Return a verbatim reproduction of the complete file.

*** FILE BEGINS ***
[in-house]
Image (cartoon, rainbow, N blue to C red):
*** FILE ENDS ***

[in-house]
Image (cartoon, rainbow, N blue to C red):